Kimberling Lutheran Cemetery and Church, Rural Retreat Virginia

Date added: October 13, 2023 Categories: Virginia Church Cemetery
Exterior view of church from southeast (1977)

Situated on a steep hillside looking out over the rolling countryside of western Wythe County, is Kimberling Lutheran Cemetery, one of the oldest graveyards in the county. It contains an outstanding collection of traditional German gravestones of the period 1800-1850. It is one of a small number of such collections in Southwest Virginia. Its stones, with their combination of traditional and contemporary (19th-century) decorative devices, seen in their unspoiled pastoral setting present a striking image of German life and culture in rural Wythe County in the last century.

A few Germans settled in Wythe County in the middle of the 18th century, but it was not until after the Revolution that German settlement there was firmly established. The church at Kimberling or Kimmerling's as it was sometimes called, was one of the earliest Lutheran churches in the area. Its first building was dedicated in 1797, and the earliest legible stone in the cemetery was erected three years later. This building was repaired and rededicated in 1834, and another was erected to replace it in 1854. The present church dates from 1913.

In its early years, Kimberling shared its pastors with other Lutheran Churches in the area. George D. Flohr, also the pastor at St. John's Church in Wytheville, the site of another of Wythe County's German cemeteries, served from 1799 until his death in 1826.

The cemetery at Kimberling reflects the changes occurring among the German groups in Virginia during the first half of the 19th century. Despite their reputation for aloofness from the English-speaking community, the Germans were in fact assimilated to many aspects of Anglo-American culture by the beginning of the 19th century. The stones in the Kimberling churchyard reflect this in their almost-exclusive use of the English language for inscriptions and in their shapes which are influenced by early and mid-19th-century design concepts (as are their lettering styles). In contrast to worldly concepts of form, they retain traditional German motifs in their symbolic (religious) content. Hearts, sinuous vegetation, stars, and pinwheels of every sort were all parts of the Continental vocabulary of religious symbolism which the Kimberling carver continued to use throughout the first half of the century. As the decades passed, however, the use of these traditional motifs grew weaker, and the last stone to employ them is dated 1850, just four years before the church replaced its original building with a new one. From 1850 onward gravestones at Kimberling were indistinguishable from those of any other Virginia denomination.

Site Description

Situated on a steep, cleared hillside overlooking the rolling terrain of Wythe County, Kimberling Lutheran Cemetery is one of a small group of cemeteries in Southwest Virginia containing a significant collection of early Germanic gravestones. There are about fifty such sandstone monuments dating from 1800 to 1850 in the cemetery, which has continued in active use until the present. Owing to the nature of the material and the exposed position of the cemetery, few of the stones bear legible inscriptions. They range in size from about 18 inches to about 3 feet tall and from about 3 to about 6 inches thick. There are several basic shapes. Some stones have a semi-circular central tympanum with slight, square shoulders, others have smaller tympani with prominent rounded shoulders, and a few have a central portion that is almost circular. Unlike English gravestones of the same period, German stones are often decorated both on the obverse and reverse; in fact, the principal decoration on most of the Kimberling stones is on the reverse. This embellishment normally consists of a single, high-relief motif framed by a double band. Designs at Kimberling include hearts, upside-down anchors, fylfot crosses, six-pointed stars, ladder-like devices, and a variety of vegetal forms. Enrichment of the front of the stone usually consists of no more than the inscription lettered onto a rectangular recessed panel; occasionally there will be a simple design carved in the tympanum. German inscriptions are rare at Kimberling. Even the earliest stones bear English legends with an occasional word or two of German. Elizabeth Snavely's monument, for instance, relates in English that she died in 1807 and concludes "P S EHE FRAU."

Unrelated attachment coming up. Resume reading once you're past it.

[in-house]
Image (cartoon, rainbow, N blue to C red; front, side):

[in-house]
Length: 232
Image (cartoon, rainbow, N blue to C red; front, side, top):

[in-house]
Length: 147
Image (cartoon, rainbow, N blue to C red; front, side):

The present church building at Kimberling the third on the site, is a large frame structure with two unequal-sized towers, vestigial transepts and chancel, and pedimented "Gothic" window and door openings, as well as decorative pressed-tin shingles on its tower roof. It was erected in 1913.

Kimberling Lutheran Cemetery and Church, Rural Retreat Virginia Exterior view of church from southeast (1977)
Exterior view of church from southeast (1977)

Kimberling Lutheran Cemetery and Church, Rural Retreat Virginia Elizabeth Snavely Gravestone (1977)
Elizabeth Snavely Gravestone (1977)

Kimberling Lutheran Cemetery and Church, Rural Retreat Virginia View of gravestone (1977)
View of gravestone (1977)